Re: Structure vs. Substance?

Subject: Re: Structure vs. Substance?
From: "Tim Altom" <taltom -at- simplywritten -dot- com>
To: "Tracy Boyington" <tracy_boyington -at- okvotech -dot- org>, "TechDoc List" <techwr-l -at- lists -dot- raycomm -dot- com>
Date: Mon, 12 Jun 2000 16:20:43 -0500

You're right, and oddly enough that structure would be sufficient for a
small project. A better approach, with still a high level of abstraction,
might be:

I. Assembly
A. Assembly of unit
1. Steps
2. Reference information
B. Assembly of unit
1. Steps
2. Reference information
C. Assembly of unit
1. Steps
2. Reference information
2. Operation
A. Control functions
1. Control
2. Control
B. Setup

And so forth. What device is this for? Who knows? Who cares? But it's plenty
good enough right now for planning, design, and implementation of
technology. Even more, once this structure is implemented, it's good for any
number of products, regardless of details. You could do this for term papers
too, if you wanted. But many teachers want an outline to reflect your grasp
of how the content will be developed, which is more than I expect a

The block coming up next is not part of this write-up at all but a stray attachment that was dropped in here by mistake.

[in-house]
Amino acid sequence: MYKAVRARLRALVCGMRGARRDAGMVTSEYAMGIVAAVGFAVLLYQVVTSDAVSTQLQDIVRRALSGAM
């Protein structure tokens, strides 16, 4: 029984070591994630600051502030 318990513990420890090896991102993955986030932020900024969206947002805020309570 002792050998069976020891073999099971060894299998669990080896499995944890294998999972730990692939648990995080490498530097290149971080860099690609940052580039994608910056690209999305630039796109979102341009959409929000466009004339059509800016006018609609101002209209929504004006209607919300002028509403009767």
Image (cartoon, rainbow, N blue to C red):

structure to do. I want a structure to provide a shell, a set of parameters
if you like. A structure is a whole lot of decisions that I make before
content is started, so content can proceed without having to make those
decisions later.

Tim Altom
Simply Written, Inc.
Featuring FrameMaker and the Clustar(TM) System
"Better communication is a service to mankind."
317.562.9298
Check our Web site for the upcoming Clustar class info
http://www.simplywritten.com


> > Haven't you ever
> > written an outline for an English class before you started writing?
That's
> > structure predating content.
>
> Um, Tim, I think an outline that predates content would look like this:
>
> I.
> A.
> 1.
> 2.
> B.
>
> And if I could have turned that in when my English teacher assigned an
outline,
> I would have been a happy camper.
>






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